Tag: teaching

leading institutions to change

I am delighted that we are able to host the Echo360 conference in Edinburgh next week.

I’ll be speaking at the conference about how important it is for leading institutions to change.

The implementation of lecture recording at University of Edinburgh was an innovative project to equip up to 400 teaching spaces and automate the recording of lectures at scale. The University has targeted an improved student digital experience by investing several million pounds in a state-of-the-art lecture recording system that has covered all the campus lecture rooms. Our approach is based on being widely flexible and enabling choices of formats and pedagogy.

The demand for lecture recording at University of Edinburgh was designed to in response to student feedback. The ability to watch lectures again as an aid to revision is immensely popular with our students already, video and audio recordings of lectures supplement the rich set of online resources that already exist to support learning.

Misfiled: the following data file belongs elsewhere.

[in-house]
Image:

The project was managed by a well co-ordinated team and delivered to a high quality specification, on time and in budget. The team demonstrated an outstanding commitment to delivering a high quality service for the institution. Over the last 12 months the team have successfully handled complex academic development, policy implementation and technical challenges with considerable skill and sensitivity. All throughout this time they retained a core focus on supporting an excellent student experience, championing accessibility and inclusive practices.  This work has opened up critical conversations that go beyond technology to discuss the value of lectures, the value of recordings and why we teach the way we teach and has been accompanied by evaluative research into the impact and value at institutional level.